The developer of a proposed 42-unit apartment building on South Island Highway may be headed back to the drawing board, after a decision by Campbell River city council to postpone decision on its application because of its height as designed.
The variance request was included in the development permit application for the five-storey building, located at 1470 South Island Highway, because as designed, it exceeds the maximum height allowed under a city bylaw. That rule, intended to maintain the viewscapes from overlooking residences, requires building heights not to exceed three metres from below the top of the adjacent ridge.
The applicant, Xeniya Vins of WA Architects Ltd., requested the variance for a 0.71 metre height increase, meaning the top of the structure would sit 2.29 metres below the ridge top.
But on Nov. 1, city council passed a motion to postpone the consideration of the development permit, to allow the development to reduce the building’s height to adhere to the restriction — rather than approve the application.
It took work to get the community, council and city staff to develop the restriction and get everyone on the same page with regards to viewscapes from the ridge — so the policy should be adhered to, said Coun. Claire Moglove, who proposed the motion.
Coun. Charlie Cornfield said he was concerned that, unlike what was done for other developments in the area, no visual assessment was included in the report.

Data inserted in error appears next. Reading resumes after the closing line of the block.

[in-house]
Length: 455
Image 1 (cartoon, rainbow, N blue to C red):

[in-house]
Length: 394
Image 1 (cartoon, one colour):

“There was an assessment, (with) pictures from the balconies or from the decks of the people that lived up above, so you could see what was being proposed, what was there before, and you could tell what the impact was — and we still don’t have that in this.”
This is notable because the varying height of the ridge and position of the houses situated there will determine whether the proposed building will affect views, he said. To help understand this, Cornfield requested photos of the impacts to the viewscape be added to the report, which was added to the motion.
The city is also reviewing a steep slope and bald eagle nest minor development permits for the application.
Mayor Andy Adams said granting the variance could open the doors to similar requests by other developers.
“I don’t want to be back here at the table with the next application because we’ve approved a variance, and somebody else comes along and wants another variance or stretches it from two feet to two and three quarters feet, and we’ve haven’t a leg to stand on,” he said.